Update: Rural Microwave Flexibility Policy Now In Effect

Another element of the FCC’s overhaul of the wireless backhaul system is now in place.

Looks like it’s full speed ahead for another aspect of the Commission’s overhaul of the wireless backhaul regime. As we reported two days ago, the effective date of the rule requiring registration of TV pickup licenses has just been announced (that would be April 1). And the FCC has followed up with a Federal Register announcement that the Rural Microwave Flexibility Policy adopted last August – another component of the backhaul overhaul – has now been approved by the Office of Management and Budget. As a result, the Policy is now in effect.

For those not up on the details of the Policy, here’s the scoop.  Ordinarily, the FCC requires that Fixed Service licenses be able to carry a minimum payload per megahertz of radio bandwidth. But the Commission will “favorably consider” requests for waiver of those requirements if the following criteria are satisfied:

  • The interference environment would allow the applicant to use a less stringent Category B antenna (although the applicant could still choose to use a higher performance Category A antenna);
  • The applicant specifically acknowledges its duty to upgrade to a Category A antenna and come into compliance with the applicable efficiency standard if necessary to resolve an interference conflict with a current or future microwave link;
  • The applicant uses equipment that is capable of readily being upgraded to comply with the applicable payload capacity requirement, and provide a certification in its application that its equipment complies with this requirement;
  • Each end of the link is located in a rural area (county or equivalent having population density of 100 persons per square mile or less);
  • Each end of the link is in a county with a low density of links in the 4, 6, 11, 18, and 23 GHz bands. The FCC has delegated authority to the Wireless Telecommunications Bureau to determine an appropriate measure of link density in a given county;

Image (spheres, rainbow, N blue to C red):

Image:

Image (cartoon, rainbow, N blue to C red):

• Neither end of the link is contained within a recognized antenna farm; and
  • The applicant describes its proposed service and explains how relief from the efficiency standards will facilitate providing that service (e.g., by eliminating the need for an intermediate hop) as well as the steps needed to come into compliance should an interference conflict emerge.

The FCC’s hope is that this looser approach to efficiency standards will allow longer path links, thereby eliminating the need for intermediate relay stations. The Policy could also lead to the use of less expensive transmitters and lower power. Ideally, according to the Commission, this could all translate to hundreds of thousands of dollars in savings, and thereby spur deployment of broadband service in rural areas.

Oddly enough, the precise effective date of the Policy is not entirely clear. According to the Federal Register notice, the Policy became effective on January 7, 2013, the date that OMB signed off on it. But back in August, when the Commission first adopted the Policy, it said that the Policy “WILL BECOME EFFECTIVE after the Commission publishes a notice in the Federal Register announcing [OMB’s] approval and the relevant effective date.” (Those all caps are the FCC’s, not ours.) That would seem to indicate that the mere fact of OMB approval alone would not be enough to kick-start the Policy into full-tilt effectiveness. Rather, the real official effective date would happen only after the FCC clues us all in to the OMB approval through a Federal Register notice. So February 1, i.e., the date of the FCC’s Federal Register notice of the Policy’s effectiveness, would seem to be the actual effective date. Perhaps the Commission will clarify this in the days to come.

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